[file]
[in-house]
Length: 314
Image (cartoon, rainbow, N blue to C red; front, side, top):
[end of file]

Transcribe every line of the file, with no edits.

[in-house]
Length: 314
Image (cartoon, rainbow, N blue to C red; front, side, top):